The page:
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UK DRIVERS TRAPPED IN TIGHT SPACES: How drivers are feeling more of a squeeze exiting their cars when parked

Updated: May 13

A recent study from Churchill Motor Insurance has highlighted a pressing issue for UK motorists: the challenging ordeal of entering and exiting their vehicles in car parks.

The research shows that drivers have a mere 30cm gap — comparable to the length of a child's ruler or a box of cornflakes — to manoeuvre when parked next to another car.

The situation has pushed many to adopt unconventional methods to access their vehicles. Astonishingly, 22% of drivers have resorted to entering their cars via the boot due to the lack of space. This acrobatic feat has become a common sight, with three-quarters of drivers experiencing similar difficulties.

The study further reveals that 51% of motorists can only use the passenger door to get into their car. As a result, 57% avoid certain car parks, 83% skip over available spaces, and 75% let passengers out before parking to prevent damage.

Over time, the dimensions of popular family cars like the Kia Sportage, BMW Mini, and Ford Puma have increased — on average by 13cm. Yet, parking space sizes remain unchanged since the 1970s, based on the British Parking Association's guidelines of 240cm width. This mismatch leaves drivers with only 30cm to get in and out of their vehicles, a standard set five decades ago.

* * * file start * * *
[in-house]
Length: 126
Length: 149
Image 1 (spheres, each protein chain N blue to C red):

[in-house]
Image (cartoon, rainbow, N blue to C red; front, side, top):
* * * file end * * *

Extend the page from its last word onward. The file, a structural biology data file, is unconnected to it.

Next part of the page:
The Mini, a classic favourite, has seen the most significant increase in size, expanding by 33cm since 1955. Following closely is the Vauxhall Corsa, which has grown by 23cm since 1982.

This increase in vehicle size has also led to undesirable behaviours, with 28% of drivers admitting to using spaces designated for parents, children, or blue badge holders when they are not eligible.

The financial impact is substantial, with UK motorists facing an estimated £424 million in damages annually due to parking mishaps. A third of drivers reported car park damages last year, with the average repair cost at £223.50. Shockingly, only 7% received compensation from those responsible, while 37% have yet to repair the damage.

As cars continue to grow, with 32% of drivers now in larger vehicles than five years ago, the need for more space is driven by a desire for luxury, design, and practicality. This ongoing trend poses significant challenges for urban planning and highlights the urgent need for updated infrastructure to accommodate modern vehicle sizes.

Nicholas Mantel, Head of Churchill Motor Insurance, said: “Ask almost any driver and they will have a story about having to creatively escape their car due to a lack of space when in a car park, even crawling out through the boot. Widening cars combined with parking bays that haven’t been redesigned to accommodate today’s models, means motorists all over the country are at risk of damaging their cars through no fault of their own.”


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